Kyrsten Sinema Declared Winner in Arizona Senate Race

PHOENIX — Representative Kyrsten Sinema, a Democrat and former social worker, scored a groundbreaking victory in the race for a Senate seat in Arizona, defeating her Republican opponent after waging a campaign in which she embraced solidly centrist positions, according to The Associated Press. Ms. Sinema’s victory over Martha McSally, a Republican congresswoman and former […]

Bipartisan Sentencing Overhaul Moves Forward, but Rests on Trump

WASHINGTON — A bipartisan group of senators has reached a deal on the most substantial rewrite of the nation’s sentencing and prison laws in a generation, giving judges more latitude to sidestep mandatory minimum sentences and easing drug sentences that have incarcerated African-Americans at much higher rates than white offenders. The lawmakers believe they can […]

Election Roundup 2018: Final Edition, Recaps, Recounts and Voting

The following stories are examples of this week’s Election Roundup of 75 down-ticket stories covering Sunday, Nov. 4 through Saturday, Nov. 10.

Meet The Flippers by AKALib

Yes, we flipped a lot of seats last night. In spite of a few disappointments in the Senate and Governor races, last night’s results were a resounding victory for all Americans, especially Democrats, women and minorities.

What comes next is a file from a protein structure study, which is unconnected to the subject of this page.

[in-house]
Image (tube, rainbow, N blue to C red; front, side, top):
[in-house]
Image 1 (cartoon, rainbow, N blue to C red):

In spite of all the GOP flim-flammery, the house has been flipped upside down; it is now sunny-side up, which is frightening for the creatures of the dark in the WH. Expect to see trump flap around wildly in the hurricane that is about to hit him called Mueller and Congress.

Here are a few simple charts to illustrate the heartwarming Blue Flip –

The Flip Chart

ELECTION DEMOCRATIC FLIPS REPUBLICAN FLIPS
House 35 2
Senate 1 3
Governors 7 0
State Legislature Control 6 1
Attorney General 4 0
Secretaries of State 2 0
State House/Senate 300+

(CT-05) National Teacher of the Year to be 1st African American woman to represent CT in the U.S. House by Missys Brother

Scoot over Massachusetts, you weren’t the only New England State last night to send their first African American woman to Congress!

Jahana Hayes has become the first African American woman to represent Connecticut in Congress after defeating Republican Manny Santos, 56% to 44%, in the 5th CT Congressional District.

Hayes grew up in Waterbury, CT public housing, the daughter of a drug addict and pregnant at 17 years old. As a single mother, she put herself through college, became a teacher, and eventually won the National Teacher of the Year in 2016.

NBC Connecticut

“I don’t think you realize what just happened. Yesterday marked 50 years since Shirley Chisholm was elected as the first African American woman to go to Congress,” Hayes said to supporters Tuesday night. “Today, we made history by sending me to Congress.”